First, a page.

While the league was tightly packed, though, it has had better days from a national standpoint. The Atlantic Sun ranked 28th of 32 conferences in RPI, and other than North Florida (road wins at Illinois and Eastern Michigan) and maybe Florida Gulf Coast (winners over Massachusetts and La Salle), the league was light on signature moments. Unfortunately, it added up to a 16 seed and a play-in game in the NCAA Tournament for the second straight year, though FGCU dominated Fairleigh Dickinson in its opening round game and then gave top-seeded North Carolina a run for a half.
The 2015-16 campaign also was the first in the A-Sun for NJIT, which gladly surrendered independent status for its first chance at an NCAA automatic bid. The Highlanders had a solid-if-unspectacular regular season, crashed out of the conference tourney early but then regrouped to make the CollegeInsider.com Tournament semifinals for the second straight year.
|Florida Gulf Coast||8-6||21-14|
|South Carolina Upstate||4-10||10-22|
A seemingly benign seventh seed helped the Atlantic Sun tournament catch the nation’s curiosity for a couple days in early March.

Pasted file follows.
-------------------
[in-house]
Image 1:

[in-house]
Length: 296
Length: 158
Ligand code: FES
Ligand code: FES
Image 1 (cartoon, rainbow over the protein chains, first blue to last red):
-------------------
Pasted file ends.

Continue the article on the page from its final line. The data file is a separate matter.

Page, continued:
Stetson-one of the smallest teams in NCAA Division I with no one taller than 6-7 in its rotation-went just 10-21 in the regular season and was ineligible for the NCAA Tournament anyway due to Academic Progress Rate sanctions. The Hatters were allowed to compete in the A-Sun tourney anyway, with the stipulation that if they won the event that the league’s automatic NCAA bid would go to the regular season champion, in this case North Florida. Regardless, Stetson appeared set for an early exit with a quarterfinal against a highly motivated NJIT team, but then stunned the 2 seed 82-67.